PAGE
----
The Roman Catholic archbishop of Newark, N.J., has advised priests under his jurisdiction that people who reject church teaching -- for instance, by being in a same-sex marriage or even endorsing marriage equality -- are not to receive communion or other sacraments.
The letter from Archbishop John Myers, sent to priests this week, also prohibits churches and other Catholic institutions from serving as venues for any person or organization opposed to Catholic doctrine, Religion News Service reports. Myers's missive further states that Catholics, "especially ministers and others who represent the Church, should not participate in or be present at religious events or events intended to endorse or support those who reject or ignore Church teaching and Canon Law."
The directive comes as bishops from around the world are meeting at the Vatican to discuss family-related issues, such as whether to let divorced and remarried Catholics receive the sacraments and how the church can be more welcoming to LGBT Catholics, even given its long-standing opposition to same-sex relationships.
"The guidelines could also up the ante for the coming election season, when Catholic candidates who support abortion rights or gay rights are sometimes challenged by conservatives over whether they should receive Communion," the news service notes.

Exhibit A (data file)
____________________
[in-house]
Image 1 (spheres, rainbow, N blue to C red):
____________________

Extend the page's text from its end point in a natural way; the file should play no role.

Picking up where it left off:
Myers's position is clearly that they should not. "Catholics must be in a marriage recognized as valid by the Church to receive Holy Communion or the other sacraments," his letter says. "Non-Catholics and any Catholic who publicly rejects Church teaching or discipline, either by public statements or by joining or supporting organizations which do so, are not to receive the Sacraments. They are asked to be honest to themselves and to the Church community" -- therefore not coming forward for communion and putting the priest in a position to refuse them.
A spokesman for Myers said recent social and political developments motivated the archbishop to send the letter. "With so much being generated in the media with regard to issues like same-sex unions and such, this memo about ensuring that Catholic teaching is adhered to in all situations -- especially with regard to the use of diocesan properties and facilities -- seemed appropriate," archdiocesan spokesman James Goodness told RNS. The Newark archdiocese covers more than 200 parishes in northern New Jersey.
There have been several instances of LGBT Catholics being denied communion at family funerals. And the question of facilities use came up recently during Pope Francis's visit to Philadelphia -- a Catholic parish would not allow a pro-LGBT group to hold events on its property, so the group moved the events to a Methodist church.
Detroit's Catholic archbishop, however, recently softened his position about who should receive communion. Archbishop Allen Vigneron once said that receiving communion while supporting marriage equality would be like committing perjury, but this summer he said the decision whether to take communion is an individual one: "Given the variety of circumstances which go into a person's particular situation, the best way forward for one person may not be best for another."